Sicily-Rome American Cemetery Visitor Film
Seen in the visitor center at Sicily-Rome American Cemetery, this film tells the story of those Americans who fought in the Italian campaign and gave their lives in the fight for freedom. This visitor center opened in May 2014 and is free and open to the public.
NARRATOR: When World War II came to the Italian mainland, it arrived with a vengeance. In the summer of 1943, Allied forces landed and fought their way North—their courage, competence and sacrifice would turn the tide of battle and free the peninsula from fascist regimes.
Those who fell in battle, those who sacrificed to shape a better future for Italy and the world, we honor all of them here in the Sicily-Rome American Cemetery.
July 1943: Determined to gain a foothold on the European continent, the Allies plan Operation Husky: The most ambitious amphibious assault yet attempted.
The goal: To capture Sicily as a stepping stone to the Italian mainland. A massive fleet assembles in newly won North African ports—bringing together land, sea, and air contingents form around the globe.
They set off into gale-force winds. Seaman First Class Ralph Austin is manning one of the first landing vessels. Facing a barrage of enemy fire, shelling and dive bombing his ship makes it onto the beach. Austin is hustling embattled troops onto land when he is fatally hit by a 20-millimeter shell.
Ralph Austin Seaman First Class
The Allies fight their way ashore and for weeks the battle rages.
RADIO ANNOUNCER: The battle for Sicily is under way. The combined forces of the United Nations are sweeping forward.
NARRATOR: But when the allies finally drive the Axis forces from the island, the victory has an immediate impact. The Mediterranean is safer for Allied shipping.
The Italians depose Dictator Benito Mussolini, and the door opens for the liberation of Italy.
September 1943: The Allies launch a daring assault on Italy’s southwestern coast. Landing at Salerno, they are soon locked in heavy combat. Within five hours of the landing, Sergeant Thomas Sullivan and his fellow Rangers capture a key pass dominating Nazi supply routes.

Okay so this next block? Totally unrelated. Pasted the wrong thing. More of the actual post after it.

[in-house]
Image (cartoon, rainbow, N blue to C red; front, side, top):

In the German counterattack, Sullivan will fall to artillery fire.
Sgt. Thomas Sullivan 3rd Ranger Battalion
But the Allies soon seize Naples, and the critical Foggia airfield complex. Their bombers are now in range of much of central Europe. And when the Italian government joinS the Allies, together they grind their way North against German occupation forces.
RADIO ANNOUNCER: Their order was push North through the German lines and liberate Rome.
NARRATOR: January 1944: Stalled in their fight up the spine of Italy, the Allies make a bold move; they land at Anzio, behind the formidable defenses of the Germans’ Gustav Line. The surprise amphibious assault catches the Germans unprepared. But soon fierce counterattacks are launched.
Over the next five months hundreds of thousands of soldiers are locked in long and bitter battles. With casualties mounting, medical personnel put their own lives at risk to help those in need. Serving in the 56th Evacuation Hospital at Anzio, Second Lt. Ellen Ainsworth is not far from the front lines.
When German shells hit her hospital she calmly continues helping patients despite the extreme danger to herself. Two days later she is severely injured in another attack, and dies of wounds soon after. For her actions she is awarded the Silver Star.
2nd Lt. Ellen G. Ainsworth 56th Evacuation Hospital
By May of 1944, the Allies break through the German defenses in southern Italy, and break out of Anzio. By early June, Rome is liberated.
RADIO ANNOUNCER: With the Germans in head long retreat, Yanks of the Fifth Army enter Rome in triumph.
NARRATOR: The first European capital freed from Axis domination.
Spring 1944: Even as the Allies battle on the ground, a massive air offensive is underway as Allied forces continue their bombing campaign against Germany itself. The impact will be devastating, pounding cities, factories, oil supplies and transportation lines.
RADIO ANNOUNCER: The military consequences of the oil attacks were immediate. But Allied air crewS also suffer heavy losses.
NARRATOR: Staff Sergeant James Williams is manning the nose turret of a B-24 Bomber during a raid on Romania’s Ploesti oil fields.
RADIO ANNOUNCER: American air power mad a daring but costly attack upon the Romanian refinery.
NARRATOR: His plane goes down over the Adriatic Sea. Williams and the rest of the crew bail out, but none survive.
SSgt. James Williams 461st Heavy Bomb Group
Dangerous as they are, these missions—many based out of Italy—will force the Luftwaffe into a life and death struggle, diverting Germany’s resources, and heavily damaging its economy.
The tide of war is turning for the Allies. In all, more than 23,000 Americans, including hundreds of Italian-Americans, died to liberate Italy. Hundreds of thousands more sacrificed in other ways. The Sicily-Rome American Cemetery serves as a reminder of their heroism and their lives:
To acknowledge those who fell, to honor their sacrifice, to memorialize who they were and what they did when freedom hung in the balance.
7,861 soldiers, sailors, airmen, and civilians are buried here at the Sicily-Rome Cemetery. The Wall of the Missing honors the memory of 3,095 more whose mortal remains were not found. Each one paid the cost; each one earned our freedom.